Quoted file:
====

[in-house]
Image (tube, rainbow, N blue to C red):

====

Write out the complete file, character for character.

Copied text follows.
[in-house]
Image (tube, rainbow, N blue to C red):